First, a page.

Volume 42, Issue 3 (May 1997)

    Forensic Botany: An Under-Utilized Resource

    (Received 29 May 1996; accepted 10 September 1996)


      Format Pages Price  
    PDF 4 $25   ADD TO CART


    Plants have long been used as both weapons and evidence in criminal investigations. The proceedings of Socrates' trial and subsequent adjudicated suicide by means of Conium brew are in the botanical folklore. In this country, plants as poisoning agents have always been well known, but only since the Lindbergh kidnapping trial have other kinds of botanical evidence gained legal sanction. Botanical resources for forensic evidence remain underutilized because of the lack of botanical knowledge among most people involved in criminal investigations. However, resourceful investigators and scientists with initiative are beginning to change this. Now, evidence from plant systematics, palynology, plant anatomy, plant ecology, and related fields is acceptable. The moving forces behind increasing the uses of non-traditional scientific fields in criminal investigations continue to be innovative criminal investigators and imaginative scientists willing to contribute their talents to forensic efforts.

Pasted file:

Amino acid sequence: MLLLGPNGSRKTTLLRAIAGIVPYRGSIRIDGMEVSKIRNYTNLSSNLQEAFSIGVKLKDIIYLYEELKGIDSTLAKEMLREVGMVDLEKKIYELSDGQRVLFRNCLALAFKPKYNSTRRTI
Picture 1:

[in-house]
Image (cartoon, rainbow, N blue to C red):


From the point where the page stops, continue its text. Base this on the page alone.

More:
Author Information:

    Norris, DO
    Professors, University of Colorado, Boulder, CO

    Bock, JH
    Professors, University of Colorado, Boulder, CO

    Stock #: JFS14130J

    ISSN: 0022-1198

    DOI: 10.1520/JFS14130J

    ASTM International
    is a member of CrossRef.

    Title Forensic Botany: An Under-Utilized Resource
    Symposium , 0000-00-00
    Committee E30